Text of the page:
The game I am going to use as an example is Diablo 3. For those of you who are not aware, Blizzard put a real money auction house in to the game where they take a 15% cut on all money cashed out of the system and an extra 15% cut on any commodity transactions in the game (also $1 on all transactions). This is within a game designed around addictive tendencies, where the goal is to get people to play a 10 hour game for hundreds of hours through loot and numbers greed as mobs with ever higher numbers are presented to be killed in replays, all put in a shiny, wondrous visual and aural package that a slot machine designer would admire.
The RMAH (real money auction house) puts a whole new spin on the formula though. Apparently, Blizzard claims they didn't think many people would use it when they released the game, but now a game designer has come out and said it is a mistake that they would "turn it off if they could." (link at bottom) Most players use the auction houses (there is a gold-only one as well). Items can be and do sell for as much $250, and can be resold over and over again.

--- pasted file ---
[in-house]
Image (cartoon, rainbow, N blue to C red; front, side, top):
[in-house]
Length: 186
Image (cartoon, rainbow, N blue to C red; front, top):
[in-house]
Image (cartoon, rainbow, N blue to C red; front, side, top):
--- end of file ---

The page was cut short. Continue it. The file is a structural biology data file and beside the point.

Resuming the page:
There was recently a scandal with the RMAH where a few hundred people were able to exploit a bug in Blizzard's code to duplicate gold, which has cash value in the game. Blizzard confiscated all the money involved in transactions associated with the fraudulent activity and donated the money to charity. They came out with a publicly righteous stance condemning the exploitation of the bug in their programming for personal gain. I find it ironic though, since I see Blizzard as exploiting a bug in people's programming to make billions, since their games target psychological mechanisms for addictive behavior like no other I have seen.
I would think many people consider game design a profession with the potential to enrich people's lives through artistic expression and intellectual challenge. But do some developers exploit people's psychological vulnerabilities in the same way a casino does? Is it wrong that they do? People have literally died from addiction to Blizzard games, should the game designer bear responsibility for the consequences of variable rate reinforcement working too well? Are there any ethics to game design?